Electrosedation and rested harvest as strategies to improve the quality of farm-raised fish
Small Business Information
14014 NE SALMON CREEK AVE, Vancouver, WA, 98686-1610
Project Manager I
Project Manager I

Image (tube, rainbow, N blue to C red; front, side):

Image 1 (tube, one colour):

AbstractTraditional chemical sedatives for the processing of farm-raised fish are considered animal drugs that are subject to specific regulations and usage constraints (as well as chemical-bath disposal concerns). As an alternative, we propose to evaluate the use of mild, non-lethal electrosedation techniques to narcotize farm-raised fish in an effort to evaluate the technologys potential to reduce pre-harvest stress and enhance the quality and shelf life of farm-raised fish after harvest. Various electrosedation waveforms will be tested for physiological responses in farm-raised rainbow trout. Once the optimal protocol is determined, we will evaluate its effect on specific rested harvest criteria that include processing efficiency, product quality and post-harvest shelf life. In summary, we propose to identify an electrosedation protocol which elicits sedation of rainbow trout and minimizes stress levels. This protocol will then be evaluated on a larger scale in the context of rested harvest to determine whether processing efficiency, product quality, and shelf life can be improved through the use of rested harvest using electrosedation. Phase I research will be a "proof of concept" approach intended to verify that rainbow trout can be electrosedated, and that rested harvest using electrosedation will yield the desired improvements in fillet quality. Key milestones and outcomes will include regular reports of progress, publications in both general and science-based outlets, and presentations at symposia and conferences. Our intent is to generate information that will allow for the development of electrosedation equipment specifically intended for rested harvest processing protocols in Phase II. The proposed approach may improve animal welfare, as well as the logistical and economic operations of U.S.-held fish farms. Furthermore, and given the extensive culture of salmonids throughout the world, the results (Phase I) and equipment generated (Phase II) will very likely be applicable in a broad context in both the U.S. and abroad. Development of technologies to improve the quantity and quality of farm-raised seafood (without the use of chemical sedatives) also addresses National Institute of Food and Agriculture-related societal needs that include global food security and food safety.
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